|Title||Deleting the IF-likesubunit fromATP synthase is not sufficient to activate ATP hydrolysis.|
|Publication Type||Journal Article|
|Year of Publication||2018|
|Authors||Varghese, F, Blaza, JN, J Y Jones, A, Jarman, OD, Hirst, J|
|Date Published||2018 Jan|
In oxidative phosphorylation, ATP synthases interconvert two forms of free energy: they are driven by the proton-motive force across an energy-transducing membrane to synthesize ATP and displace the ADP/ATP ratio from equilibrium. For thermodynamically efficient energy conversion they must be reversible catalysts. However, in many species ATP synthases are unidirectional catalysts (their rates of ATP hydrolysis are negligible), and in others mechanisms have evolved to regulate or minimize hydrolysis. Unidirectional catalysis byATP synthase has been attributed to its uniquesubunit, which is structurally analogous to the mammalian inhibitor protein IFHere, we used homologous recombination to delete thesubunit from thegenome, and compared ATP synthesis and hydrolysis by the wild-type and knockout enzymes in inverted membrane vesicles and the F-ATPase subcomplex. ATP synthesis was not affected by loss of thesubunit, and the rate of ATP hydrolysis increased by less than twofold, remaining negligible in comparison with the rates of theand mammalian enzymes. Therefore, deleting thesubunit is not sufficient to activate ATP hydrolysis. We close by considering our conclusions in the light of reversible catalysis and regulation in ATP synthase enzymes.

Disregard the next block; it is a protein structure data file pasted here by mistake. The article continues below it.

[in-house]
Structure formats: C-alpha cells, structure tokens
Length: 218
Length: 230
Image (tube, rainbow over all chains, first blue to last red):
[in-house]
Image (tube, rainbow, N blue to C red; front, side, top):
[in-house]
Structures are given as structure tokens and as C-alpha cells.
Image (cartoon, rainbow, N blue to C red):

|Alternate Journal||Open Biol|
|PubMed Central ID||PMC5795051|